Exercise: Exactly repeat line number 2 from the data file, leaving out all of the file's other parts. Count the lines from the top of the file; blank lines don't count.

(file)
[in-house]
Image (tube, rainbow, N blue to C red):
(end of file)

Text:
Image (tube, rainbow, N blue to C red):